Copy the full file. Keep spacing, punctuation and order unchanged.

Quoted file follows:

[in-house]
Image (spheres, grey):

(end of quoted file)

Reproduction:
[in-house]
Image (spheres, grey):